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  1. 1. • It provides infants with most of the nutrients they need Pediatric nutrition Pediatric nutrition for growth and is a readily available energy source. • It contains large amounts of vitamin E, which may help Definition prevent anemia. Additionally, vitamin E is an important Pediatric nutrition considers the dietary needs of antioxidant. infants to support growth and development, including • It is compatible with infants’ enzymes. changes in organ function and body composition. • Unlike cow’s milk, it has an optimum calcium to phosphorus ratio of 2:1. Purpose • Breastfeeding transfers antibodies from mothers to Decisions parents make about nutrition and feeding infants. their infants have short- and long-term effects on the • All infectious diseases occur less frequently in infants babies’ subsequent growth and development. Infectious who are breastfed rather than bottle fed. disease and chronic digestive disease can be reduced • It favorably changes the pH of stools and the intestinal with good nutrition choices such as breastfeeding. flora, thus protecting against bacterial diarrheas. Breastfed infants have better overall health, so choices about pediatric nutrition are important considerations. Formula feeding There are a number of commercially prepared infant Precautions formulas on the market available in powder, concentrat- Infants consume small amounts of food at a time, but ed liquid, and pre-diluted liquid forms. The American they should not be fed directly from the jar because bac- Academy of Pediatrics advises that whole cow’s milk teria is introduced into a jar from the babies’ mouth. If should not be given to a child during the first year of life. It also recommends iron-fortified formula for all infants uneaten food is then put into the refrigerator, bacteria will on formula. Infant formula has more protein and more likely grow and may cause diarrhea, vomiting, or other iron than human milk, but lacks antibodies. signs of food-borne illness. In order to prevent food sen- sitivities, some foods such as wheat, eggs, and chocolate Introduction of solid foods should be avoided until the child is one year of age. The age to start solid foods depends on infants’ Ensuring adequate water intake, which can be needs and readiness, but they do not need solid food derived solely through milk, is critical to maintain elec- before six months of age, particularly breastfed infants. trolyte balance and therefore the overall health of Tongue and mouth movement is usually adequate by four infants and young children. months. If infants are force-fed early, some will rebel and develop feeding problems. Weaning of a breastfed infant Description depends on the preferences and needs of the mother and Breastfeeding for optimum health infant. Weaning gradually over weeks or months is easi- est. When the infant is about seven months old, breast- There are several advantages that breastfeeding pro- feeding once a day should be replaced by a bottle or cup vides compared to bottle-feeding. Breast milk imparts of modified formula or fruit juice. By 10 months, the superior nutritional, immunological, and psychological infant may be weaned to a cup. Thereafter, one or two benefits to infants. Breastfeeding is also much more eco- feedings daily can be continued until age 18 to 24 nomical, and no preparation is required. The American months. A full diet of solid foods and fluids by cup Dietetic Association advocates breastfeeding exclusively should be given to infants who are nursed even longer. for four to six months, and breastfeeding with weaning To determine an infant’s tolerance, solid foods foods for at least 12 months. The American Academy of should be offered by spoon and introduced one flavor at Pediatrics also advocates breastfeeding, stating, a time. Many commercial baby foods (desserts and soup “Exclusive breastfeeding is ideal nutrition and sufficient mixtures, in particular) are high in starch, calories, have to support optimal growth and development for approxi- no or little vitamin or mineral value, and are high in cel- mately the first six months after birth...It is recommend- lulose, which is poorly digested by infants. Commercial ed that breastfeeding continue for at least 12 months, and baby foods with high sodium content, more than 200 thereafter for as long as mutually desired.” mg/jar, should be avoided. The daily sodium requirement Breast milk’s nutritional advantages are: is 17.6 mg/kilogram. Pureed home foods will suffice. 1849 G A L E E N C Y C L O P E D I A O F N U R S I N G A N D A L L I E D H E A LT H
  2. 2. Pediatric nutrition • Thiamine (vitamin B1) for infants 0–6 months: 0.2 mil- ligrams/day (mg/d); 7–12 months: 0.3 mg/d; children KEY TERMS 1–3 years: 0.5 mg/d. Anemia—A decrease in the number of red blood • Riboflavin (vitamin B2) for infants 0–6 months: 0.3 cells in the bloodstream, characterized by pallor, mg/d; 7–12 months: 0.4 mg/d; children 1–3 years: 0.5 loss of energy, and generalized weakness. mg/d. Cystic fibrosis—A hereditary genetic disorder that • Niacin for infants 0–6 months: 2 mg/d; 7–12 months: 4 occurs most often in Caucasians. Thick, sticky mg/d; children 1–3 years: 6 mg/d. secretions from mucus-producing glands cause • Vitamin B6 for infants 0–6 months: 0.1 mg/d; 7–12 blockages in the pancreatic ducts and the airways. months: 0.3 mg/d; children 1–3 years: 0.5 mg/d. Dietary reference intakes (DRI)—This standard • Vitamin B12 for infants 0–6 months: 0.4 mcg/d; 7–12 recommends the daily amounts of energy, protein, months: 0.5 mcg/d; children 1–3 years: 0.9 mcg/d. minerals, and fat-soluble and water-soluble vita- mins needed by healthy males and females, from • Pantothenic acid for infants 0–6 months: 1.7 mg/d; infancy to old age. 7–12 months: 1.8 mg/d; children 1–3 years: 2.0 mg/d. Electrolytes—Any of the various ions such as • Biotin for infants 0–6 months: 5 mcg/d; 7–12 months: sodium, potassium, or chloride required by cells 6 mcg/d; children 1–3 years: 8 mcg/d. to regulate the electric charge and flow of water • Folate for infants 0–6 months: 65 mcg/d; 7–12 months: molecules across the cell membrane. 80 mcg/d; children 1–3 years: 150 mcg/d. Gluten enteropathy—A hereditary malabsorption • Vitamin C (ascorbic acid) for infants 0–6 months: 40 disorder caused by sensitivity to gluten, a protein mg/d; 7–12 months: 50 mg/d; children 1–3 years: 15 found in wheat, rye, barley, and oats. Also called mg/d. non-tropical sprue or celiac disease. • Vitamin D (in the absence of adequate sunlight) for Recommended dietary allowance (RDA)—The infants 0–6 months: 5 mg/d; 7–12 months: 5 mg/d; chil- recommended dietary allowances are the quanti- ties of nutrients in the diet that are needed for dren 1–3 years: 5 mg/d. good health. • Vitamin E for infants 0–6 months: 4 mg/d; 7–12 months: 5 mg/d; children 1–3 years: 6 mg/d. • Vitamin K for infants 0–6 months: 2.0 mcg/d; 7–12 Meat should be preferentially introduced to high-carbo- months: 2.5 mcg/d; children 1–3 years: 30 mcg/d. hydrate foods; however, because infants often reject • Calcium for infants 0–6 months: 210 mg/d; 7–12 meat, it must be introduced patiently and carefully. months: 270 mg/d; children 1–3 years: 500 mg/d. To ensure infants eat enough fat when weaning from • Phosphorus for infants 0–6 months: 100 mg/d; 7–12 breast milk or formula, choose whole milk up to two months: 275 mg/d; children 1–3 years: 460 mg/d. years of age. Two good sources of protein and fat that • Magnesium for infants 0–6 months: 30 mg/d; 7–12 infants enjoy are peanut butter and cheese. If there are months: 75 mg/d; children 1–3 years: 80 mg/d. concerns about obesity, lean protein choices provide the fat and protein. Adequate intakes of grains, fruits, and • Selenium for infants 0–6 months: 15 mcg/d; 7–12 vegetables will ensure that infants receive all the neces- months: 20 mcg/d; children 1–3 years: 20 mcg/d. sary vitamins and minerals. • Zinc for infants 0–6 months: 2 mg/d; 7–12 months: 3 mg/d; children 1–3 years: 3 mg/d. Preparation • Iron for infants 0–6 months: 0.27 mg/d; 7–12 months: 11 mg/d; children 1–3 years: 7 mg/d. In order to make appropriate choices about pediatric nutrition, it is important to be aware of the nutritional The following is the recommended dietary needs of infants. The following are the recommended vita- allowance for energy and protein intakes for infants and min and mineral intakes for infants and young children: young children: • Vitamin A for infants 0–6 months: 400 micrograms/day • Energy (calories) for infants 0–6 months, with a weight (mcg/d); 7–12 months: 500 mcg/d; children 1–3 years: of approximately 6 kg (13 lb): 650 kilocalories per day 300 mcg/d. (kcal/d); 6–12 months with a weight of approximately G A L E E N C Y C L O P E D I A O F N U R S I N G A N D A L L I E D H E A LT H 1850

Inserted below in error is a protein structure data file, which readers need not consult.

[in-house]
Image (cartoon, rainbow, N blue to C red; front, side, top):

3. 3. 9 kg (20 lb): 850 kcal/d; children 1–3 years with a Pediatric physical therapy PERIODICALS weight of approximately 13 kg (28 lb): 1300 kcal/d. Azais-Braesco, V., and G. Pascal. “Vitamin A in Pregnancy: Requirements and Safety Limits.” American Journal of • Protein for infants 0–6 months: 13 grams per day (g/d); Clinical Nutrition 71 (2000): 1325S-33. 6–12 months: 14 g/d; children 1–3 years: 16 g/d. Mills, J. L. “Fortification of Foods with Folic Acid—How Breastfed infants need 400 international units (IU) of Much is Enough?” New England Journal of Medicine vitamin D and 0.25 mg of fluoride daily. 342 (2000): 1442-45. Traber, Maret G. “Vitamin E: Too Much or Not Enough?” Breastfeeding does not require any preparation, but American Journal of Clinical Nutrition 73 (2001): bottle feeding requires some preparation such as ensuring 997-98. the milk is the right temperature and the nipples are ster- ORGANIZATIONS ilized, if sterilized disposable nipples are not used. American Dietetic Association. 216 W. Jackson Blvd., Chicago, IL 60606-6995. (312) 899-0040. Complications <http://www.eatright.org/>. Food and Nutrition Information Center Agricultural Research Obesity may start with excessive eating in infancy. If Service, USDA. National Agricultural Library, Room an infant has two obese parents, it is particularly impor- 304, 10301 Baltimore Avenue, Beltsville, MD 20705- tant to monitor and control weight gain. With two obese 2351. (301) 504-5719. (301) 504-6409. parents, an infant has an 80% chance of becoming obese. <http://www.nal.usda.gov/fnic/>. fnic@nal.usda.gov. Diarrhea may be caused by conditions such as celiac Food and Nutrition Professionals Network. disease (gluten enteropathy), cystic fibrosis, and sugar <http://nutrition.cos.com/>. (lactose) intolerance. La Leche League International. 1400 N. Meacham Road, Schaumburg, IL 60168-4079. (847) 519-7730. <http://www.lalecheleague.org/>. Results OTHER Infants should be closely monitored for proper Women, Infants, and Children. The Food and Nutrition weight gain to ensure they are receiving adequate nutri- Service Headquarters. 3101 Park Center Drive, tion. Resources such as the National Center for Health Alexandria, VA 22302. (703) 305-2746. Statistics growth charts can be used as a guide. Crystal Heather Kaczkowski, M.Sc. Health care team roles Breastfeeding education efforts are important steps for health care teams. They should encourage a longer duration of breastfeeding to achieve maximum nutrition- Pediatric physical therapy al benefits for infants. A dietitian can assist in providing advice regarding pediatric nutrition feeding decisions. Definition Resources Pediatric physical therapy is concerned with the examination, evaluation, diagnosis, prognosis, and inter- BOOKS vention of children, aged birth through adolescence, who Baker Jr., Robert D. Pediatric Parental Nutrition, 1sted. are experiencing functional limitations or disability due Gaithersburg, MD: Aspen Publishers, Inc., 2001. to trauma, a disorder, or disease process. Hendricks, Kristy M., et al. Manual of Pediatric Nutrition, 3rd ed. Hamilton, Canada: B. C. Decker Inc., 2000. Purpose Institute of Medicine. Dietary Reference Intakes: Applications in Dietary Assessment. Washington, D.C.: National Pediatric physical therapy is indicated when a child Academy Press, 2001. has a pathology or suffers a trauma which results in an Mindell, Earl, and Hester Mundis. Earl Mindell’s Vitamin impairment leading to the loss of function and/or societal Bible for the 21st Century. London, UK: Warner Books, disability. Pathologies may include non-progressive neu- 1999. rological disorders such as cerebral palsy, which results Rodwell-Williams, Sue. Essentials of Nutrition and Diet from trauma to the brain during or shortly after birth. Therapy. London: Mosby-Year Book, 1999. Children born with genetic syndromes, heart and/or lung Samour, Patricia Q., et al. Handbook of Pediatric Nutrition, defects, hydrocephalus, spina bifida, fetal alcohol syn- 2nd ed. Gaithersburg, MD: Aspen Publishers, Inc., 1999. 1851 G A L E E N C Y C L O P E D I A O F N U R S I N G A N D A L L I E D H E A LT H